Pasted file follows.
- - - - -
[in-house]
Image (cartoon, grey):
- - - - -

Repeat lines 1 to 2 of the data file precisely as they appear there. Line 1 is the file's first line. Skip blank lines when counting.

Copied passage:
[in-house]
Image (cartoon, grey):